Inter-regional migration among international migrants in Sweden: Patterns, drivers and destination
Louisa Vogiazides, Stockholm University
A growing literature examines the mobility of international migrants within their host country. In Sweden, just as in other migrant-receiving countries, the majority of studies focus on immigrants’ short-distance residential mobility within urban areas, assessing its role in shaping residential segregation. The long-distance mobility of the foreign-born population is less prominent in empirical research. To address this gap, the present study explores the patterns, determinants and destination of inter-regional moves among recent immigrant cohorts in Sweden. More specifically, it examines immigrants’ mobility away from their first region of settlement, so-called ‘secondary migration’. Applying event history analysis and discrete choice modelling on Swedish longitudinal register data, the paper analyses the propensity, timing and direction of secondary migration flows.
Research on the determinants and effects of internal migration patterns among international migrants in Sweden is rather scarce. A study of internal migration flows during the period 2005-2008 reveals that foreign-born individuals are more likely to undertake long-distance moves compared to natives (Andersson 2012). This trend remains even when controlling for a range of mobility-related socioeconomic variables, which raises the question of whether differences in internal migration propensities could be due to cultural characteristics. Another explanation can be the fact that migrants lack so-called ‘location-specific insiders’ advantages’, such as work and family ties, which constitute disincentives to move (Fischer & Malmberg 2001).
Consistent with life-course literature, Andersson found that migrants who are young (in their mid-twenties) and single are more prone to relocate internally. Female migrants and recipients of social allowances are also more mobile. Migrants’ propensity to move over long distances also decreases with the duration of their stay in Sweden (Andersson 2012).
Beside personal characteristics, the characteristics of the neighbourhood of residence also influence migrants’ likelihood to move internally. Residents of immigrant-dense neighbourhoods are indeed less likely to move over long distances compared to residents of native-dominated neighbourhoods (Ibid.). A recent study has also revealed that foreign-born individuals are less likely to relocate from municipalities where there is a large presence of other immigrants from the same region of origin (Aradhya et al. 2017).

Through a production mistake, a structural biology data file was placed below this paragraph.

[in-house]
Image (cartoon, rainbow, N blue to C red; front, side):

Empirical design, data and methods
This paper employs register data from GEOSTAR, a full-population database compiled by Statistics Sweden containing longitudinal, geo-coded, annually updated and individual-level data including a wide range of demographic, socioeconomic and residential variables. Secondary migration is defined as a move away from the Labour Market Area (LMA) of first settlement. LMAs are annually-constructed by Statistics Sweden based on commuting zones .
The study uses longitudinal geo-coded individual-level register data to follow the residential patterns of newly arrived immigrants over a twelve-year period, from 2004 to 2015. The risk set consists of all foreign-born individuals who immigrated (for the first time) to Sweden between 2003 and 2013 and are at working age (between 25 and 64 years-old) during the follow-up period (N=407,967). The study proceeds in two steps. First, it applies discrete-time event history analysis to analyze the propensity and timing of secondary migration. In a second step, the study will apply discrete choice modelling to study the destination choices of secondary migrants.
The study employs an innovative method to measure the neighbourhood context based on individualized neighbourhoods calculated with the newly developed software EquiPop. EquiPop uses the geo-coded data on individuals’ residence to compute their k-nearest neighbours, where k represents the researcher-defined count of surrounding individuals. The great advantage of this method is that it bypasses the so-called Modifiable Areal Unit Problem (MAUP), which is a source of statistical bias affecting any geographical analysis based on arbitrarily defined aggregations of geographical areas (Östh et al 2014).
Long-distance mobility is generally a rare phenomenon, as the vast majority of people tend to stay in their region of residence. The case of the secondary migration of foreign-born individuals is no exception. The hazard rate of experiencing secondary migration is very low. On average, only 2.57% of the foreign-born individuals in the risk set move away from their first region of settlement every year. The hazard rates of secondary migration are significantly different according to the type region of initial settlement. It is more than four times higher among individuals who first settled in the countryside compared to those who settled in a metropolitan region. Rates of secondary migration also differ according to individuals’ type of immigration permit and region of origin. Students and refugees are more likely to leave their first region of settlement compared to individuals who immigrated for work or through family ties. Individuals from the Middle East and Africa also have a higher tendency to relocate compared to other immigrant groups.
The longitudinal dataset used in this study allows examining not only the occurrence of secondary migration but also its timing. Ten years after settlement, individuals have a survival rate in their first region of settlement of 0.8.
Presented in Session 1221: Internal Migration and Urbanization